As an American Nurse Practitioner living in Africa, I miss the security the FDA (Food and Drug Administration) regulating the medications. Here are some criteria I use to help decide if a vaccine is reliable:
Do I trust the Manufacturer and Brand?
Is it on the WHO pre-approved immunization list? If it is on the list, then that’s the best option.
If I can’t locate in-country an immunization that is on the list, the next best thing is an immunization from a manufacturer that is on the list. Does the manufacturer perform quality controls?
Government immunizations are often purchased or donated from reliable manufacturers that are on the WHO pre-approved list.
Has the cold chain been maintained? Vaccines need to be kept at a set temperature (refrigerated) from the factory to time of injection.
Government immunization techs are trained to maintain the cold chain. Each site should have refrigeration, back up electricity, and be closely monitored. Busy sites are best, because the multi-dose vials are emptied faster and don’t get as warm.
Private pharmacies should also have refrigeration with back up power source. Also, they should offer assurances that they transport imported immunizations, maintaining cold chain.
Vaccines from Serum Institute of India have a quality control sticker that changes if the cold chain has not been maintained.
Is the packaging sealed and unexpired?
Multi-dose vials at government sites may be open, but should be used up within 30 days of opening.
Check expiration dates on all vaccines. Don’t accept if expired.
Am I following the correct schedule?
DO NOT give vaccines before the allotted time period has passed. For instance, if there are to be 4 weeks between doses and the vaccine is given at 3 weeks it is considered invalid.
While the first three round of immunizations are very similar all over the world, the schedule (timing between doses) varies between countries. Your home country may not consider a dose valid if it doesn’t follow the same schedule. Malawian citizens should follow the Malawian schedule.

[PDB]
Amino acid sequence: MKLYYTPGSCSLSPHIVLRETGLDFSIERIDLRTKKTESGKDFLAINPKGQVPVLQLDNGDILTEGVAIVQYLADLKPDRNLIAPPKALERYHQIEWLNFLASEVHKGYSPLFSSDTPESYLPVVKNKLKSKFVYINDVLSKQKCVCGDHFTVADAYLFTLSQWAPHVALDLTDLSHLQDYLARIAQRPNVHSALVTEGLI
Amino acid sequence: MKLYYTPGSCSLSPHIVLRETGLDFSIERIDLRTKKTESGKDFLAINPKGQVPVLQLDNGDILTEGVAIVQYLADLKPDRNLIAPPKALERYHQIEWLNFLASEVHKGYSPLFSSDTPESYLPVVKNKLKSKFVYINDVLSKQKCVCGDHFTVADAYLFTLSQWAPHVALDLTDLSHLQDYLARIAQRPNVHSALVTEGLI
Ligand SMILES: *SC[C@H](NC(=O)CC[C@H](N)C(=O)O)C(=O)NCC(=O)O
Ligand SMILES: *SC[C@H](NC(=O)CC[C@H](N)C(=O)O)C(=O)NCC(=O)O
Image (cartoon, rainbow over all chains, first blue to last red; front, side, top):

Government techs are trained to follow the Malawian schedule. If you are following a different schedule, please do so under the supervision of a health care provider. You can call ABC Community Clinic to schedule a well-child appointment with me to discuss immunizations.
Is the immunization being given in the correct route?
Most immunizations are given in the muscle. For babies, the side of the thigh is best-and the needle comes in at 60 to 90 degree angle.
Some immunizations are given in the fat (SC): MR, MMR, and Varicella. The tech should squeeze up some fat on the back of the thigh and come in at a 30 degree angle.
The TB skin test is given just under the skin and must make a bubble.
Rotavirus is always given by mouth (drops). Polio is usually given by mouth (drops). One dose in the series of Polio is given in the muscle.
Has the vaccine been properly documented?
Sometimes the government adds to the immunization schedule before they have updated the record books. Look for the following:
MR – Currently the government is providing the combination MR (measles and rubella), but some books just have measles listed. Make sure to write in MR if that what is given.
Polio- One of the doses of polio in the immunization schedule is given the IM route instead of by mouth. Note this in your book.
In most countries where children need to show proof of immunization to go to school, the rule is that if it is not documented then it is not given. Therefore, make sure that all immunizations are recorded at the time they are administered.
Titers are the best evaluation of immunity.
Healthcare providers often draw titers (a lab that tests antibodies for various illnesses) to determine if they are properly immunized against various illnesses they could come into contact with before they start working in health care. If in doubt about the reliability of a previously administered vaccine then have titers drawn when returning to your home country.